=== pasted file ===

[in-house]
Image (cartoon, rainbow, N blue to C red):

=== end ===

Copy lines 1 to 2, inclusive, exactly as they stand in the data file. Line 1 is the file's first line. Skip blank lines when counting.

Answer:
[in-house]
Image (cartoon, rainbow, N blue to C red):